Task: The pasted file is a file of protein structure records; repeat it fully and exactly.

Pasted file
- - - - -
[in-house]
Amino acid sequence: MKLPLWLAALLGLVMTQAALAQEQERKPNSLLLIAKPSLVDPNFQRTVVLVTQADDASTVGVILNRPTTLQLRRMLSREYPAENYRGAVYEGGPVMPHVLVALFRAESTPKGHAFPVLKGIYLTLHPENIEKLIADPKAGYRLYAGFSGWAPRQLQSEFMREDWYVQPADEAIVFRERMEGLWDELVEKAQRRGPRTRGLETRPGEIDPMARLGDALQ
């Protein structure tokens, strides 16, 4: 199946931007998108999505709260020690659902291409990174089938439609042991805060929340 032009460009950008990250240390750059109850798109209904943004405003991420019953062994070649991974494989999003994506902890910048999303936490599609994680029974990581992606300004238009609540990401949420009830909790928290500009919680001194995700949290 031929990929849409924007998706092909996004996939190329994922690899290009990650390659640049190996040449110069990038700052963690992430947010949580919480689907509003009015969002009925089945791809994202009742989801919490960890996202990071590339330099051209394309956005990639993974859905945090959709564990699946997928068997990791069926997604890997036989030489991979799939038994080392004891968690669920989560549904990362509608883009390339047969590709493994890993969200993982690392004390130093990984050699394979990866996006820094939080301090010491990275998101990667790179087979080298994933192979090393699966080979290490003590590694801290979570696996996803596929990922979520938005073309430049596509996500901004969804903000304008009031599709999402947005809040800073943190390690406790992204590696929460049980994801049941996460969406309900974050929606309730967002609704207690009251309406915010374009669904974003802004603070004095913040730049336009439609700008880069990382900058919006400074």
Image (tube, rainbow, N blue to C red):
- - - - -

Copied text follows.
[in-house]
Amino acid sequence: MKLPLWLAALLGLVMTQAALAQEQERKPNSLLLIAKPSLVDPNFQRTVVLVTQADDASTVGVILNRPTTLQLRRMLSREYPAENYRGAVYEGGPVMPHVLVALFRAESTPKGHAFPVLKGIYLTLHPENIEKLIADPKAGYRLYAGFSGWAPRQLQSEFMREDWYVQPADEAIVFRERMEGLWDELVEKAQRRGPRTRGLETRPGEIDPMARLGDALQ
């Protein structure tokens, strides 16, 4: 199946931007998108999505709260020690659902291409990174089938439609042991805060929340 032009460009950008990250240390750059109850798109209904943004405003991420019953062994070649991974494989999003994506902890910048999303936490599609994680029974990581992606300004238009609540990401949420009830909790928290500009919680001194995700949290 031929990929849409924007998706092909996004996939190329994922690899290009990650390659640049190996040449110069990038700052963690992430947010949580919480689907509003009015969002009925089945791809994202009742989801919490960890996202990071590339330099051209394309956005990639993974859905945090959709564990699946997928068997990791069926997604890997036989030489991979799939038994080392004891968690669920989560549904990362509608883009390339047969590709493994890993969200993982690392004390130093990984050699394979990866996006820094939080301090010491990275998101990667790179087979080298994933192979090393699966080979290490003590590694801290979570696996996803596929990922979520938005073309430049596509996500901004969804903000304008009031599709999402947005809040800073943190390690406790992204590696929460049980994801049941996460969406309900974050929606309730967002609704207690009251309406915010374009669904974003802004603070004095913040730049336009439609700008880069990382900058919006400074």
Image (tube, rainbow, N blue to C red):